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      It looks like at the moment this treats each SQL query as a separate process - it runs both ssh and the sqlite3 command over that SSH connection to completion for each query it executes.

      Evidently this works OK - and maybe it performs well enough that it’s not a problem for an application with just one user. But I wonder if it could instead maintain a persistent SSH connection with the sqlite3 shell running on the remote machine as a persistent process, then feed it commands one by one and read the responses?

      The implementation would be quite a bit more complex so this would only be worthwhile if the performance improvement made things materially better for the user.

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        Hey it’s a big improvement on how remote SQLite works in DataStation right now which is to copy the entire file locally before querying. I’m going to have to port this idea.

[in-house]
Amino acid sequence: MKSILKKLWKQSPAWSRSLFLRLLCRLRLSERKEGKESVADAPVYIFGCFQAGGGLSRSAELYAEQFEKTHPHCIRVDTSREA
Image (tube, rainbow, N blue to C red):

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        I also thought about having a persistent sqlite3 shell. In the past, I’ve tried playing with persistent subprocesses reading and writing data and always had problems with stdin/out getting locked, buffered writes and other issues which haven’t let me have a working implementation (I tried this with a background ripgrep process). At some point, I plan to try again using asyncio subprocesses. I think most systems could support a few 100s of ssh subprocesses as long as the connections are multiplexed and the initial authentication process is only done by the first connection.

        Having a persistent shell also has the “clean-up problem”. If the litexplore app dies, I didn’t want to leave the shell running. I’m considering offering an option by which a user can upload a temporary sqlite3 binary compiled with the -json flag, this makes me be more cautious about what I do in the remote VM.

        I’ve also been doing some (promising, for now) tests with sshfs.